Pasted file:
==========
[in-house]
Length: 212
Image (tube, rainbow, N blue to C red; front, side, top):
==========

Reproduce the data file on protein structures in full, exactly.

[in-house]
Length: 212
Image (tube, rainbow, N blue to C red; front, side, top):